There has been a fair amount of coverage in the news recently about the closing of what’s been called the ‘iPlayer loophole.’
This was a gap in the rules for the TV licence that said that you only needed to pay for one if you received live television, including over the internet. So, if you watch via cable, satellite, or an aerial, you need a licence. And, if you watch in real time, via the internet, you need a licence too.
The loophole? If you use the non-live functionality of iPlayer, you didn’t need a licence. So, you could just watch everything a little bit later, and you wouldn’t need to pay the annual fee. Some estimates of the cost of this put the annual figure as high as £150 million, which is obviously a good chunk of a budget that’s already being squeezed by a hostile government.
The Telegraph has done a charmingly wacky story about how updated TV detector vans will work out who’s using iPlayer, which is more amusingly debunked over at The Register.
The real solution to enforcement is, more than likely, going to be simply sending a letter to every house that doesn’t have a TV licence.
Why TV makers make this hard
Why do I think this has anything to do with TV makers? Because they’re a big block to one of the most obvious solutions – adding a simple option in iPlayer that lets you enter your TV licence number to authorise a device.
That would, on the face of it, be a great way to ensure that iPlayer is only accessible to those who have paid for it. It might also open up the possibility of access to some material for people from abroad (though the tangled mess of rights will also interfere with that).
And, it’s also an option that the BBC would be very reluctant to consider, because most TV makers render it pretty much impossible.
Over the years, we’ve seen various generations of smart TV. We’ve seen sets that were sold on the basis that they had YouTube or other services built in carelessly obsoleted as services have upgraded, and the TV makers have shrugged and said “No, we won’t be updating the firmware for that model.”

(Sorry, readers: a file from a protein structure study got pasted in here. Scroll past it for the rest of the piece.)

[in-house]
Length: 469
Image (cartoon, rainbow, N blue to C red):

Most TVs are ‘smart’ these days. Many of them have iPlayer, and for a lot of people who aren’t that tech savvy, it’s a great way to access the service, without hooking up a computer. There are also DVD players and set top boxes too.
The sad reality is that, for most of the makers of these, adding things like iPlayer was just a box to tick for the UK version of a particular model, and they really don’t care if it still works. With many smart sets, you’ll be lucky if you ever get an update, frankly.
So, although it might seem like adding some sort of login or licence fee entry to iPlayer is the simplest and easiest way to solve the problem, it won’t happen. Because the iPlayer clients on lots of TVs would stop working and – regardless of the blame being with makers who can’t be bothered to update software – the perception of many ordinary users would be “The BBC broke my TV.”
It’s also worth noting, prompted by some comments from my esteemed fellow writer Chris Bidmead, that there is a precedent set in closing this loophole that may yet come back to haunt the BBC.
Though the corporation is the sole recipient of funding from the licence fee amongst the major UK broadcasters, the legal position is that a licence is required to operate a television receiver. In other words, you’re paying for the right to use the equipment, regardless of what you watch.
So, in the past, you have been able to argue that you only watch pre-recorded videos on a set that’s not tuned in, and that’s fine. But if you say “I only watch ITV” you still need a licence, because you’re receiving television broadcasts. Similarly, if you only watched satellite TV, you’d need the licence, regardless of channels watched.
In closing the iPlayer loophole, the government has for the first time explicitly linked the licence fee to BBC services. If you don’t use iPlayer, you can still watch ITV, Channel 4, and Channel 5 via their catch up services, over the internet, without having to have a licence.
That may seem fair on the face of it. However, the precedent set may yet ultimately lead to a situation akin to a subscription BBC, where no fees need be paid to watch other broadcasters at all.
After all, if after 2030 or so, terrestrial transmitters are turned off, and most people consume TV via the internet, the changes that come in from September this year will mean that, effectively, a licence will only be needed for BBC programmes.
Whether you want that to happen or not is a legitimate subject for debate. As things stand, we haven’t had that debate – even though the first step has been taken down the road.